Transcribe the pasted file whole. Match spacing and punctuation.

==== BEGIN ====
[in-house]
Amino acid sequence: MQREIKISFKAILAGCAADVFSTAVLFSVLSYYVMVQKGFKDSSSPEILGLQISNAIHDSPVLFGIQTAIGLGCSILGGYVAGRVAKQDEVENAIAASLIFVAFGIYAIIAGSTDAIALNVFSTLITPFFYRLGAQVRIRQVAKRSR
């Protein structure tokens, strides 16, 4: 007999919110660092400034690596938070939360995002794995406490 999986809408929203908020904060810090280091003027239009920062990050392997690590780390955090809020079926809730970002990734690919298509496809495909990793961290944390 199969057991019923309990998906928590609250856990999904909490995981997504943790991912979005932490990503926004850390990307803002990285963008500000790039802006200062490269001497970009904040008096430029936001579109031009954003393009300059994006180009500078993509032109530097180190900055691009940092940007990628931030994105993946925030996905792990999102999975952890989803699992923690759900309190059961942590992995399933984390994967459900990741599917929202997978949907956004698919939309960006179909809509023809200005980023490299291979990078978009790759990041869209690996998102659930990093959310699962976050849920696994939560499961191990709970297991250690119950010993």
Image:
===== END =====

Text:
[in-house]
Amino acid sequence: MQREIKISFKAILAGCAADVFSTAVLFSVLSYYVMVQKGFKDSSSPEILGLQISNAIHDSPVLFGIQTAIGLGCSILGGYVAGRVAKQDEVENAIAASLIFVAFGIYAIIAGSTDAIALNVFSTLITPFFYRLGAQVRIRQVAKRSR
């Protein structure tokens, strides 16, 4: 007999919110660092400034690596938070939360995002794995406490 999986809408929203908020904060810090280091003027239009920062990050392997690590780390955090809020079926809730970002990734690919298509496809495909990793961290944390 199969057991019923309990998906928590609250856990999904909490995981997504943790991912979005932490990503926004850390990307803002990285963008500000790039802006200062490269001497970009904040008096430029936001579109031009954003393009300059994006180009500078993509032109530097180190900055691009940092940007990628931030994105993946925030996905792990999102999975952890989803699992923690759900309190059961942590992995399933984390994967459900990741599917929202997978949907956004698919939309960006179909809509023809200005980023490299291979990078978009790759990041869209690996998102659930990093959310699962976050849920696994939560499961191990709970297991250690119950010993």
Image: